Source: The Guardian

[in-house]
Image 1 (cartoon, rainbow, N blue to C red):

On April 1, 2006 The Guardian reported, "If a religious person offers to pray for you next time you fall ill, you may wish politely to ask them not to bother. The largest scientific study into the health effects of prayer seems to suggest it may make matters worse. Two-thirds of Americans and more than a quarter of British people say they pray regularly, but the study, which took almost a decade and cost $2.4m (£1.4m) suggested that they may be wasting their time. It found that patients undergoing heart surgery did no better when they were prayed for by people unknown to them than those who received no prayers. But 59% of those patients who were told they were definitely being prayed for developed complications, compared with 52% of those who had been told it was just a possibility... The study, which will be published in the American Heart Journal next week, drew criticisms from religious groups, who argued that science cannot illuminate questions of faith, and from other medical scientists, who said it was a waste of money... [Dr Charles Bethea, of the Integris Baptist medical center in Oklahoma City] and his colleague, Harvard professor Herbert Benson, emphasized that their investigations had been restricted to 'intercessory prayer' by strangers - excluding prayer from family members and oneself. Praying for oneself has been shown in many studies to be effective."